Ankiel (HGH), Glaus (steroids) accused
Major League Baseball asked yesterday to meet with Rick Ankiel and Troy Glaus after the pair were accused of receiving performance-enhancing drugs from a Florida pharmacy under investigation for illegally distributing prescription medications.
Ankiel, the pitcher-turned-outfielder who has hit nine homers since rejoining the St. Louis Cardinals last month - including two while driving in seven runs Thursday - received eight shipments of human growth hormone from January to December 2004, New York's Daily News reported yesterday.
Glaus, a four-time All-Star now with the Toronto Blue Jays, received multiple shipments of nandrolone and testosterone between September 2003 and May 2004, SI.com reported.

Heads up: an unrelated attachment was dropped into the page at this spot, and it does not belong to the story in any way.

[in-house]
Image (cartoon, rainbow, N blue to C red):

"We're going to look into both sets of allegations," said Rob Manfred, baseball's executive vice president of labor relations.
Manfred would not go into details, but MLB already had requested meetings with the two players, a person familiar with the request said, speaking on condition of anonymity because no announcement was made.
Before last night's game in Phoenix, Ankiel said any drugs he received in 2004 were prescribed by a licensed physician to help him recover from reconstructive elbow surgery.
Ankiel initially acknowledged human growth hormone was among those medications, then refused to list his various prescriptions.
"I'm not going to go into the list of what my doctors have prescribed for me," he said. "I've been through a lot emotionally and physically. There are doctor and patient privileges, and I hope you guys respect those privileges."
After talking to Ankiel, general manager Walt Jocketty said he was satisfied that nothing improper had oc curred.
"Everything was legal," he said. "There was no violation of major league rules. There was no violation of any laws. At this point, if there's anything more to decide, Major League Baseball will look at it and let us know."
Ankiel said he would cooperate with any investigation.